Announced by ALCAP originally, the new bill was a weaker version in that it did not require that all day cares in the state be regulated. Instead, religious-based day cares would only need to be registered if they received federal funds. At a Senate committee meeting in February, Warren said a similar requirement was about to come from federal law in Congress.

The bill moved through the House in a overwhelming vote in favor of the proposal and passed unanimously out of a Senate committee a few weeks ago.

Warren, speaking to reporters after its passage from the House, said she was unsure if the bill would encounter resistance in the upper chamber.

It was the Senate that killed the daycare bill last year amid a cramped last day where senators took the bill off the floor. The bill may face similar complications this year, as lawmakers seem to be preparing to adjourn within a few weeks.

Continue Reading

In Case You Missed It

Fantasy sports bill fails on Senate floor

Sam Mattison



By Samuel Mattison
Alabama Political Reporter

Would-be Fantasy Sports players in Alabama will have to wait to legally play in the state following a Senate vote on Tuesday.

The Alabama Senate decisively killed a bill to exempt fantasy sports from the state’s prohibition on gambling.

Not even entertaining a debate on the Senate floor, the proposal was killed during a vote for the Budget Isolation Resolution, which is usually a formality vote preluding a debate.

Fantasy sports are contests where participants select players from real teams to compete on fantasy teams using the real-world players’ stats.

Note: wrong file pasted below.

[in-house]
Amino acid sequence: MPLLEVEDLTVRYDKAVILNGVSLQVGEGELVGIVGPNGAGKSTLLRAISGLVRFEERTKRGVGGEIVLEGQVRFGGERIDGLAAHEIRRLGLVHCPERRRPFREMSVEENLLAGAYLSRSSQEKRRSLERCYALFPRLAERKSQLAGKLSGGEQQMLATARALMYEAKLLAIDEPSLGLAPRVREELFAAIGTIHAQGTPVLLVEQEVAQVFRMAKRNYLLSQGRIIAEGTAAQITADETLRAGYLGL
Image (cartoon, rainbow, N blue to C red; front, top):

Since 2016, the practice has been illegal in Alabama following a legal decision by the Attorney General’s Office that categorized it as gambling.

The bill’s sponsor, state Sen. Paul Sanford, R-Huntsville, predicted the bill’s failure during a committee meeting two weeks ago, where the bill passed unanimously.

Sen. Paul Sanford speaks to reporters after a Senate Committee meeting on Feb. 28, 2018. (Samuel Mattison/APR)

Speaking to reporter’s after the committee meeting, Sanford said the decision to file the bill was mainly a philosophical belief that the practice shouldn’t be illegal.


Sanford, a fantasy sports player before its ban, said that fantasy sports are a way to bring people closer together and not a means to win money. The Huntsville senator is not seeking re-election.

The bill’s failure in the Senate follows its trajectory last year too. A similar version of the bill, also sponsored by Sanford, failed in the Senate during the final days of the 2017 Legislative Session.